It hugely skews the broadcast coverage. For example, a week ago there was the annual survey of top business bosses of the leading UK companies. Over half said Brexit was already having an adverse effect on their business. And half did not have confidence in the Government negotiating a good deal. It led the FT. It was barely covered elsewhere. The BBC had it as an item of business news. Suppose the survey had come to the opposite conclusion. It would have had at least 4 papers headlining it and would therefore have featured prominently on the broadcasts. The second challenge is the absence of an Opposition which looks capable on the polls of beating the Government. The debilitation of the Labour Party is the facilitator of Brexit. I hate to say that, but it is true. What this means is that we have to build a movement which stretches across Party lines; and devise new ways of communication. There are lots of different groups doing great work, Open Britain naturally being one. These groups must find ways of concerting strategy and tactics effectively. We should begin to create informal links immediately and then build them into a movement with weight and reach.
We need to strengthen the hand of the MPs who are with us and let those against know they have serious opposition to Brexit At Any Cost. The Institute which I am setting up will play our part. We are creating a policy platform wider than the Europe question. There is an urgent need to re-position the whole debate around globalisation and how we make it work for people. In this sense, the Brexit debate is part of something much bigger. But developing the arguments around Brexit will be an important element of the Institute’s work. We need strong links with the rest of Europe.
If our Government were conducting a negotiation which genuinely sought to advance our country’s interests, that negotiation would include the possibility of Britain staying in a reformed Europe. It is clear the sentiment which led to Brexit is not confined to the UK. There is a widespread yearning for reform across Europe. Part of our work should be to help build Europe wide alliances to give voice and effect to such an impulse.
So this movement must have many dimensions to it. It requires arguments of detail; and arguments of grandeur. The case for Europe remains rooted not in understanding the past but the future. All over the globe, countries are coming together in regional alliances for a very simple reason. As China rises, as India and other large population countries follow and with the USA already so powerful; so to maintain strength and influence, to defend our interests adequately, nations of our size will cooperate based on proximity. This is true of the nations of Europe.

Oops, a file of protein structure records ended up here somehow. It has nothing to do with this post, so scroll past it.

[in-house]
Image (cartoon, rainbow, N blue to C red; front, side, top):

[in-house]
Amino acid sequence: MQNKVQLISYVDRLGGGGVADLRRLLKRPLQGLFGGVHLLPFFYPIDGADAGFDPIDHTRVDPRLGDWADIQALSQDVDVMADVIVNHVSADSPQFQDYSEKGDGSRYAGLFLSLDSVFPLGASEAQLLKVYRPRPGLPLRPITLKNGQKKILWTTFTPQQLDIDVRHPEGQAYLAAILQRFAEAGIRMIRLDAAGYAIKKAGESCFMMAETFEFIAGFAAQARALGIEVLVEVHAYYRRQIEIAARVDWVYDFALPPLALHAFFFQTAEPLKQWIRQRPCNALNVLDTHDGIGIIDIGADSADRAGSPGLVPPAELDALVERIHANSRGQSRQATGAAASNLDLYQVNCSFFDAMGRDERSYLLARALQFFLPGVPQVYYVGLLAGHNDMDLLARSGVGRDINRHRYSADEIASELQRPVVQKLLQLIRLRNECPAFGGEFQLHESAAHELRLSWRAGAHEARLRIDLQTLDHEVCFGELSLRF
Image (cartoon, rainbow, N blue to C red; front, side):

But for Europe there is a more profound reason. The Transatlantic Alliance is needed more than ever; but how much stronger it is with Britain in Europe and Europe an equal partner with America. Forget the short term electoral politics there or here. In the long term, this is essentially an alliance of values: liberty, democracy, the rule of law. As the world changes and opens up across boundaries of nation and culture, which values will govern the 21st Century? Today, for the first time in my adult life, it is not clear that the resolution of this question will be benign. Britain, because of its history, alliances and character, has a unique role to play in ensuring it is. How, therefore, can it be wise for us, during this epic period of global evolution, to be focused not on how we build partnerships, but how we dissolve the one to which we are bound by ties of geography, trade, shared values and common interest?
The one incontrovertible characteristic of politics today is its propensity for revolt. The Brexiteers were the beneficiaries of this wave; now they want to freeze it to a day in June 2016. They will say the will of the people can’t alter. It can. They will say Leaving is inevitable. It isn’t. They will say we don’t represent the people. We do, many millions of them and with determination many millions more. They will claim we’re dividing the country by making the case. It is they who divide our country – generation from generation, North from South, Scotland from England, those born here from those who came to our country precisely because of what they thought it stood for and what they admired. This is not the time for retreat, indifference or despair; but the time to rise up in defence of what we believe – calmly, patiently, winning the argument by the force of argument; but without fear and with the conviction we act in the true interests of Britain.